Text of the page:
Diner Club Card Cartoon, Number 467-821

Cartoonist Ted Key drew this six-cartoon series titled “467-821” around 1960. The series depicted cardholder number “467-821” making a verity of lavish expenditures before winding up in prison, warning of the dangers of overspending on credit. The drawing is done with ink brush lines over ink washes and white corrective fluid. These original prints were collected by Alfred Bloomingdale, one of the founders of Diners’ Club. Diners’ Club was one of the first consumer credit cards, heralding a new era of consumer spending.
This cartoon depicts a man checking in at the airport. Dressed in a suit with a bow tie, a hat, and a walking stick, the client stands on one side of the desk. One of his suitcases is on the ground and another sits on the platform between himself and the airline staff. The staff person holds the client’s credit card as he reads the number aloud. A caption, handwritten in pencil, says “Number 467–821. Right, sir.” This is the first drawing in a series of six.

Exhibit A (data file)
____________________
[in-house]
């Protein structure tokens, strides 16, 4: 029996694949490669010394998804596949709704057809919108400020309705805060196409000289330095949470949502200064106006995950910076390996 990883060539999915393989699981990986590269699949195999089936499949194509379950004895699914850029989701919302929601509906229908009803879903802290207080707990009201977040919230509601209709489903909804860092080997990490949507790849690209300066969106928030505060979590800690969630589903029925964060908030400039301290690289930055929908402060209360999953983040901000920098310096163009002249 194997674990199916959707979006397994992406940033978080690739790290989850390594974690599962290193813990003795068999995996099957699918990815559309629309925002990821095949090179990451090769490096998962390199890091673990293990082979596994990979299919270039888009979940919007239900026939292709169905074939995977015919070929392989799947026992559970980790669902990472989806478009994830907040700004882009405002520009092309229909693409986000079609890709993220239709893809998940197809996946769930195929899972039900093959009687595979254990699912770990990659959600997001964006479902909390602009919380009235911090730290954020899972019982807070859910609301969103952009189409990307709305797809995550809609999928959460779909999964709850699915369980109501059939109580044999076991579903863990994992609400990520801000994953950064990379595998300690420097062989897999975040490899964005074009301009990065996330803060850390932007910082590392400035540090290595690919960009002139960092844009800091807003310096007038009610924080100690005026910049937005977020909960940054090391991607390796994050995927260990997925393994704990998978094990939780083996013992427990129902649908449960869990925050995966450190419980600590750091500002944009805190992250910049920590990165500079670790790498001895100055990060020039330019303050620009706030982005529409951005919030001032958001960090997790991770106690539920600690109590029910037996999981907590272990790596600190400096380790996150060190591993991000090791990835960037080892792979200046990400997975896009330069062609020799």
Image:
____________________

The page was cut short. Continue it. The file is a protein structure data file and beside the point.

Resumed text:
date made
ca 1960
Key, Ted
place made
United States
Physical Description
ink (overall material)
paper (overall material)
overall: 28 cm x 19 cm x .01 cm; 11 1/32 in x 7 15/32 in x in
ID Number
catalog number
accession number
Credit Line
Bloomingdale, Alfred
Art - Currency
Cartoon Characters
See more items in
Work and Industry: National Numismatic Collection
American Enterprise
Coins, Currency and Medals
American Enterprise
Exhibition Location
National Museum of American History
Data Source
National Museum of American History


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